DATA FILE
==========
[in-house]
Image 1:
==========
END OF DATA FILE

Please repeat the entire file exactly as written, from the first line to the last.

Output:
[in-house]
Image 1: